- Inside the black market for college homework
- Are video games leveling up or dumbing down education?
- Why MOOCs won’t save our education system
- Inside the real world of Teach for America
- Education on YouTube isn't as easy as A, B, C
- Will the next generation of kids study Shakespeare on Rap Genius?
- Here's the American geography lesson you never got as a kid
- Snapchat disrupts classrooms like nothing else—but some teachers love it
- You can help Stanford study Alzheimer's in your sleep
- Computer helps predict if teens will turn into binge drinkers
- This startup wants to make scientific research easier to understand
- AsapSCIENCE answers life's most pressing questions on YouTube
- How coding in schools can close tech's gender gap
From The Kernel Archives
Despite its repeated assurances that it cares deeply—deeply!—about user privacy, Tinder doesn’t actually do that much to ensure users are who they say are. Basically, all you have to do to prove your identity is log in through Facebook, select a few photos for your profile, and start swiping.
So when Kristin Shotwell, a 21-year-old student at University of North Carolina, discovered that her photos were posted on a fake profile for a Tinder user named “Kim,” what’s surprising is not so much that her identity was compromised, but that this kind of thing doesn’t happen more often in the first place.
According to a post on her blog, Shotwell first discovered her photos were being used for a fake Tinder profile when her friends returned from a trip from Athens, Ga. Her friend said that while she was there, she found a girl named Kim on Tinder who was using Shotwell’s photos. Here’s a screengrab of Kim’s profile:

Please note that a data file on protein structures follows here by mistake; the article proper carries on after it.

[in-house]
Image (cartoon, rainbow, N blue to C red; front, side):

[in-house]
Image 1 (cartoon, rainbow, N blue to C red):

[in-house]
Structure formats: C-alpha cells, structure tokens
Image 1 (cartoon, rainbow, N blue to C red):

“Of course, I laughed because the initial thought of the someone stealing your pictures online is kind of funny, right?” Shotwell, who doesn’t have a Tinder, wrote.
It wasn’t until later that “the idea of someone posing as me on the Internet, let alone a dating site, began to really creep me out.” Because users can only access Tinder through their Facebook accounts, Kim must have set up a fake Facebook profile using Shotwell’s photos to access the app.
Because Kim is located within an 80-mile radius of Athens, Ga., and Shotwell is based in North Carolina, unfortunately Shotwell can’t try to find Kim on Tinder, because the app only lets you browse users by location. So she’s calling on people to share her blog post and search for Kim’s profile, so she can confront her on Facebook. “I know that this is a long shot, but if we could locate this impostor I could salvage my virtual identity,” Shotwell writes.
This is not the first time someone has discovered their photos have been featured on a fake dating website profile. Most recently, adult performer Melissa Midwest and Florida bikini model Yuliana Avalos were named as lead plaintiffs in a class-action lawsuit against Match.com, after they discovered their photos had been posted on fake dating profiles without their permission (both women have since been dropped from the suit).
It’s also far from the first time Tinder has taken flak for featuring fake accounts. Just last week, it was reported that the app was flooded with spambots, or fake profiles promoting the mobile game Castle Clash. In response to these reports, a Tinder spokesperson released a statement saying they were taking the necessary steps to delete the spam accounts, adding: “Ensuring an authentic ecosystem has always been and will continue to be our top priority.”
H/T Fox 8 WGHPFiled under Archived Story, Report | Comment (0)